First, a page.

Watch out. Former Singapore international midfielder Goh Tat Chuan intends to make a comeback this season - as a spectator.
Since hanging up his boots after 2006, the 42-year-old has turned his focus on building his engineering career and starting a family.
Now the father of three bubbly children aged eight, five and two, the former part-time S-League player is excited about the recent enthusiastic buzz that has breathed life into the otherwise sluggish league.
"It's encouraging that there's a lot of hype now and it's what I love to see," the former Woodlands Wellington and Jurong FC midfielder said.
However, watching a game will be a tight squeeze for Goh, a regional sales director (Asia Pacific) at US-based natural gas fuel and storage tank manufacturing firm Hexagon Lincoln. He says he is out of town "80 per cent of the time".
Yet, he is compelled to circle dates on his calendar to watch his first S-League game in almost 10 years.
Taking a slow look around Bishan Stadium while his kids Caitlin, Gareth and Alexa explored the stands on their own before the family went for a day outing to Sungei Buloh, the amiable Goh said: "I'd definitely love to catch a match at this stadium - with the kids."
Both his former clubs no longer feature in the league, so the Serangoon resident is inclined towards supporting Bishan-based Home United. After all, the Protectors' home ground holds a significant memory for Goh, who forged a reputation as a tough-tackling ball winner in his 11-year career.
It was where the late bloomer made his national team debut at 27, in a 3-0 victory over New Zealand in the Tiger Beer International Series in May 2001.
Said the former Lion, whose biggest achievement on the pitch is the 2004 Tiger Cup triumph: "I love this pitch and I always had a good feeling when I was playing here. I would love to come here to absorb the atmosphere again.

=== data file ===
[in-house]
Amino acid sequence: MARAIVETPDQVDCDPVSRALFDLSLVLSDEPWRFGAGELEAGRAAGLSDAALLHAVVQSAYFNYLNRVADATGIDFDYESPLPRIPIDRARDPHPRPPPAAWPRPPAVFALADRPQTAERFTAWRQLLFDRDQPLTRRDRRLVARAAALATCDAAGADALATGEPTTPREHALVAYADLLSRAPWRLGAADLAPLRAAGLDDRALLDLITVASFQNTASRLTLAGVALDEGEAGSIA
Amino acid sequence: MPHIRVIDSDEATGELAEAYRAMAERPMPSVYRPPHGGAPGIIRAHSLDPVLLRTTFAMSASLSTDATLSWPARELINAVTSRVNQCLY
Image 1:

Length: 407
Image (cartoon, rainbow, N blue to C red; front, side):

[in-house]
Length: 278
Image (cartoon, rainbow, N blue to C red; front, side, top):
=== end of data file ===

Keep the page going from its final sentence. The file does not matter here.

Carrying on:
"We have good quality players in the league but people don't see it. As Singaporeans, we tend to be more image conscious and those who support the local league would be seen as losers.
"Maybe I'm out of Singapore very often, that's why I appreciate things about Singapore more."
While he is keen to find time to watch the S-League matches again, current players - especially those long since resigned to playing in front of meagre crowds - are also eagerly anticipating more fans filing through the gates.
Veteran goalkeeper Yazid Yasin feels that he is energised by the heightened attention this year.
Said the 36-year-old, who has featured in every season since the league's inception in 1996, and will be playing for his sixth club, Warriors FC, this term: "It's the most competitive season ever. It's been a long time since this has happened - a lot of excitement going all around the league. All in all, it is more enjoyable for both fans and players."
However, Geylang striker Indra Sahdan Daud, 36, added: "It'll never be the same as what it used to be - especially in the first few years, people collected memorabilia like stickers, glasses and mugs. We even had the police band come down to perform for entertainment.
"But at least now we hear more people talking about it. This is one of the seasons I'm really looking forward to."
•Additional reporting by Nicholas Tan